Insights | Elliott Davis (2024)

According to a recent report released by Hedge Fund Research, Inc.[i] (HFR), there were 136 new hedge fund launches during the first quarter of 2019. While there is still demand from investors to invest their capital in actively managed funds, the nature of how these funds operate is changing at a rapid pace.With the advancement of technology and availability of information, it has never been easier for investors to invest on their own. These factors, along with other macroeconomic trends, have allowed investors to put the pressure on fund managers to lower fees, provide better liquidity terms, and push for input on trading strategies. In the report mentioned above, HFR noted that the average management fee for new fund launches in Q1 2019 was 1.19% of average net assets, while the average performance fee was 18.79% of fund performance. Lower fee structures are causing current and new funds to rethink their fee structures, providing opportunities to reach new investors and keep current ones happy.Historically, the most common fee structure in the private fund industry charges investors a 2% management fee for assets under management (AUM) and 20% performance fee on profits made by the fund. As noted above, this structure is obviously evolving. In recent years, we have seen some unique strategies that are pleasing investors and providing flexibility and growth opportunities for fund managers. Below are just a few examples:Performance Fee OnlyThe objective of a fund charging only a performance fee is that it rewards asset managers for generating alpha for their investors. While this structure may charge a higher incentive fee (usually 30-50%) versus traditional structures, its goal it to create an incentive to generate the highest returns for investors as possible. Investors are willing to pay higher performance fees knowing that if the fund is not profitable, the fund manager does not receive compensation. The manager can use a portion of the performance fee to fund the operations of the Fund by taking advances of the incentive fee. This structure does have significant downside risks during prolonged periods of underperformance, as the manager would have no source of revenue. This could lead to a fund leveraging itself to continue operations.Tiered StructureUnder a tiered fee schedule, management fees are higher when a fund begins operations and gradually decrease as the fund increases its AUM. This structure provides flexibility for the fund manager to begin operations and focus on generating long-term growth for their investors. As the net assets increase, the initial investors charged a higher fee have their fee decreased, with potential new investors charged the higher fee. This structure creates equality and rewards loyalty to the Fund. It also creates a foundation for the fund to hit the ground running, producing returns and generating new capital for current investors.1 or 30 StructureThis fee structure has quickly become popular thanks to the Teacher Retirement System of Texas (TRS). With this structure, the goal is for investors to retain 70% of alpha generated by the fund[ii]. A key difference between this structure and other popular ones is the word “or”. By inserting this word instead of “and”, the manager has an objective in mind – 70% of alpha must return to investors. How the manager gets there, is up to the fund and its investors. A common option is for the manager to take a 1% management fee with a reduction of the same amount to the performance fee so that total fees are capped at 30%. If the 1% management fee exceeds 30% of alpha during the performance period, any performance fee not recouped is carried forward to subsequent years. This structure creates a nice balance between current returns and future operations. It also provides investors with peace of mind that they are garnering their fair share of a fund’s profits.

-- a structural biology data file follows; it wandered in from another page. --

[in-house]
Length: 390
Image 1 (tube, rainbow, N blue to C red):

We can help

When determining the fee structure you would like to use for your fund, there are plenty of factors to consider. Whether you are launching a new fund or rethinking the operations of your current one, Elliott Davis can help answer your questions. Please contact our Alternative Investment Fund Services group for assistance.

The information provided in this communication is of a general nature and should not be considered professional advice. You should not act upon the information provided without obtaining specific professional advice. The information above is subject to change.



Insights | Elliott Davis (2024)


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